Meridian Brick’s Aldershot East project will move forward safely and healthily for neighbours nearby.
That’s the preliminary conclusion of dust, silica and human health studies conducted as Meridian Brick prepares to open up the East cell of the Aldershot Quarry. Two consulting firms, Pinchin and Intrinsik, were hired to conduct the assessments, and both have found levels of dust and silica to fall below regulatory benchmarks, even under very conservative assumptions.
“The preliminary results are that the cumulative health risks to residents at all receptor locations are negligible,” said Glenn Ferguson, Senior Environmental Health Scientist with Intrinsik and Adjunct Professor in the School for Public Health and Health Systems and lecturer on Environmental Toxicology at the University of Waterloo who conducted the human health risk assessment.
That assessment applied to both levels of dust and levels of silica – and even those levels, according to Ajay Madan of Pinchin, will fall under guidelines set by the Province. Madan has over a dozen years of experience in environmental consulting preparing air quality assessments for Environmental Compliance Approvals (ECAs) and air quality studies.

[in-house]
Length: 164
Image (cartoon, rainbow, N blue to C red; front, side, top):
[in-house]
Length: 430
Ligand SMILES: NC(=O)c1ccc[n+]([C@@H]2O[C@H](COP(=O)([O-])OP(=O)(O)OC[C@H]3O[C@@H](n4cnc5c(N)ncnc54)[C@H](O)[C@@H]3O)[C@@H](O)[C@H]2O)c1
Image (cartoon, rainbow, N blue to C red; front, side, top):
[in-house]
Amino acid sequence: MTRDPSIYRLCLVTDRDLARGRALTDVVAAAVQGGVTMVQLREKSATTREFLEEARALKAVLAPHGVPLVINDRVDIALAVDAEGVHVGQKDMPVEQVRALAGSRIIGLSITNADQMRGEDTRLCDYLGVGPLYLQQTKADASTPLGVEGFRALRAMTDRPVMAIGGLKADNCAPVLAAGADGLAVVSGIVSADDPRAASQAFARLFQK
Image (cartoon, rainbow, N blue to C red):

Studying the Centre and East cells at the Aldershot Quarry, Madan modeled dustfall and particulate levels based on three time periods: A five-year scenario, a 10-year scenario and a 25-year scenario. Even with estimates based on maximum production for every hour of operation during the year – an unlikely situation in the real world – estimates came in below guidelines set by the Province.
Estimated dustfall was measured not just within the quarry and Westhaven Drive, but throughout the Tyandaga subdivision. At no point of measurement did dustfall exceed the guidelines.
Those numbers informed the studies carried out by Ferguson, predicted particle concentrations at 35 different locations, not only measuring predicted dust from the East quarry, but also including background dust such as existing air pollution. He measured both short-term and long-term exposure to dust and silica.
In both cases, dust and silica exposure fell below both acute and chronic benchmarks. The study found “negligible” health risks expected for individuals in the surrounding community relating to dust and silica.
“It’s important to realize exposure to high concentrations of silica occurs primarily in confined workplaces,” Ferguson explained. Not only that, the minimum standards for silica exposure include a ten-fold safety factor. “You’d need significant and ongoing exceedances of that benchmark in order for serious health effects to occur,” he said – and the studies show that those overages will not happen.
All dust modeling was based on an extraction rate of 400,000 tonnes of shale per year – a level Meridian Brick likely will never reach. Presently, Meridian Brick extracts 250,000 tonnes per year.